Although most provisions in President Obama’s year-old health care reform law won’t kick in until 2014, a number of changes have already taken place such as tax credits for employers, free preventative services for people on Medicare, and a provision that allows for anyone up to the age of 26 to remain on their parents’ health plan.
But something very important is still missing.
The law includes no provision for religious nonmedical care, including those services provided by Christian Science practitioners and nurses, both of which are available to the general public and are in no way subsidized by the Christian Science Church. This, despite the fact these services have been accommodated for years in other government-run programs such as Medicare, Medicaid, TRICARE, and the Federal Employees Health Benefits Program (FEHBP).
How is it that something provided for so long to the elderly, the impoverished, and the government-employed is not being afforded to everyone else in the middle – those who in just a few years will be required to purchase insurance that likely will not include this benefit, or face a stiff financial penalty?
That just doesn’t seem right.
To be fair, Congress has built in a little wiggle room in terms of the implementation of this new law, which says that “a State may require that a qualified health plan offered in such State offer benefits in addition to the essential health benefits specified (by the federal government).” The only caveat here is that the State would have to cover any added costs.
Apparently this isn’t an insurmountable hurdle. Here in California, the Legislature is considering at least 15 bills that would impose coverage requirements for health insurers that would likely go beyond any federal mandates. This would include coverage for things like acupuncture, mammographies, maternity care, tobacco cessation drugs, medically necessary autism treatment, and expanded mental disorder diagnoses.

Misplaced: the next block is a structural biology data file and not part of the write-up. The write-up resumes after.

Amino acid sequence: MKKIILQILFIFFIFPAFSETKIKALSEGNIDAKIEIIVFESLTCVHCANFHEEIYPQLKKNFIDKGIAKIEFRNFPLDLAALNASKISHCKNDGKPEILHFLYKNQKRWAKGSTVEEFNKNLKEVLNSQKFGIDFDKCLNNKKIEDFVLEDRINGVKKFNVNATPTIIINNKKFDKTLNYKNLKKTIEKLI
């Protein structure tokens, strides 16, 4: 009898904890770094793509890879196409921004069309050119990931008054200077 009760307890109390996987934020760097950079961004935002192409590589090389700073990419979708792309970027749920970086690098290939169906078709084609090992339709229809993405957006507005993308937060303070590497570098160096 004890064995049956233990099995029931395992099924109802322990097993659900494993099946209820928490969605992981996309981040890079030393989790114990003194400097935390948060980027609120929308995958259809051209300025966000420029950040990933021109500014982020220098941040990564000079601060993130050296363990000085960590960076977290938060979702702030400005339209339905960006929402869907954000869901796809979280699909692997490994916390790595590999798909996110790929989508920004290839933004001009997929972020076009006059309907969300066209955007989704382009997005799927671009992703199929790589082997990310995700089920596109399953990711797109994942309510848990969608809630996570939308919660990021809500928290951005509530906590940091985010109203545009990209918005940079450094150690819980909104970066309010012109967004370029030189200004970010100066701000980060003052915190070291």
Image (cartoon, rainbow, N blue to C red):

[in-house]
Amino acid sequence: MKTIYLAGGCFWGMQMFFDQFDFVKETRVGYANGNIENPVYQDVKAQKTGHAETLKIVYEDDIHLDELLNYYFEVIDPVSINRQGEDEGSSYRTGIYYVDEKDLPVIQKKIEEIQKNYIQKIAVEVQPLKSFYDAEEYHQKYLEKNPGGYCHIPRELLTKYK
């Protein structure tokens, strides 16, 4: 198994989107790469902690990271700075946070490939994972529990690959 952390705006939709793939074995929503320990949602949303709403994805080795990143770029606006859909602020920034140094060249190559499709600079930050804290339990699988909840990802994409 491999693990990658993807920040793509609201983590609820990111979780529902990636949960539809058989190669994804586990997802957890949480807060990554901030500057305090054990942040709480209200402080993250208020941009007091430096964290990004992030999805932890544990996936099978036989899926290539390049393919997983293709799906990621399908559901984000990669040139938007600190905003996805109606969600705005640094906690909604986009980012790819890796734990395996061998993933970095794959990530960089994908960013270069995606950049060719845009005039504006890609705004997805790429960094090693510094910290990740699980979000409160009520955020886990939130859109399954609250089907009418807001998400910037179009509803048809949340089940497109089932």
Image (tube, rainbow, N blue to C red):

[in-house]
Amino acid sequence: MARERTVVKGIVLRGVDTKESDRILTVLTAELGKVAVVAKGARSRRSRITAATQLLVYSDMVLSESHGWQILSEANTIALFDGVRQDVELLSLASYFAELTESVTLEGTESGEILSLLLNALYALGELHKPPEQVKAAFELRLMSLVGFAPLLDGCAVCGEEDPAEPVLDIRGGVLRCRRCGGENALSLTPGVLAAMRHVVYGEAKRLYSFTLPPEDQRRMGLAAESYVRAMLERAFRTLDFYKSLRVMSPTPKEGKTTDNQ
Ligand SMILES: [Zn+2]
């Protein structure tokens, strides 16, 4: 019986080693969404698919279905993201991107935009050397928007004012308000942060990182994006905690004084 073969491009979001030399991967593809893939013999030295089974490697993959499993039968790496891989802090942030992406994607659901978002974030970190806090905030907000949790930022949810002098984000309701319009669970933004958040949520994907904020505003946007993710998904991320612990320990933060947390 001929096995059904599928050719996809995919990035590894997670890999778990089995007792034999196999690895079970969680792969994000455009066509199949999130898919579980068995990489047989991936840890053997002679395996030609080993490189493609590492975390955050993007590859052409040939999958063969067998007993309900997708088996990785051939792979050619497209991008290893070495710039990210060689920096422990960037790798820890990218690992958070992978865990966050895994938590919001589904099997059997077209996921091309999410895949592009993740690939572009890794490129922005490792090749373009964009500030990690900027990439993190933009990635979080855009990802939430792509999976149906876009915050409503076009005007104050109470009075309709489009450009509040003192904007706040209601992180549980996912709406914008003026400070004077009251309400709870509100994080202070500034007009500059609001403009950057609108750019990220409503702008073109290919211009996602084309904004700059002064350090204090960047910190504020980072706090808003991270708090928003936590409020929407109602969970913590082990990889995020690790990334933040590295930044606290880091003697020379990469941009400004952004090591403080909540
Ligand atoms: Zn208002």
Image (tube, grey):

Religious nonmedical care deserves the same consideration.
For generations those who have relied on Christian Science for their health care have been cured of everything from minor injuries to more serious, life-threatening diseases, many of them medically diagnosed. Failure to accommodate this proven system of care would not only disregard a significant historic precedent, it would effectively disenfranchise those who have found this type of prayer-based treatment to be a safe and reliable means of treating physical ailments.
Understandably, the private health insurance industry has some concern about benefit mandates. However, as with the aforementioned government programs, Christian Science care and treatment has been successfully accommodated by private insurers for over 90 years. Clearly they recognize the importance of offering their customers options when it comes to their choice of treatment.
Honoring the individual’s ability to discern and determine what’s best for them – to provide coverage for whatever responsible form of health care they’ve found to be most effective – makes sense for everyone. Not only does it benefit the individual in need but our health care system as a whole.